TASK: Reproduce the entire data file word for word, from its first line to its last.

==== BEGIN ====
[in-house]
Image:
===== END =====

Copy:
[in-house]
Image: